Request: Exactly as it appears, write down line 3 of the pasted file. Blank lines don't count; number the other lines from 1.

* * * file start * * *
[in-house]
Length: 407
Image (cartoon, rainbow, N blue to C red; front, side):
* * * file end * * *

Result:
Image (cartoon, rainbow, N blue to C red; front, side):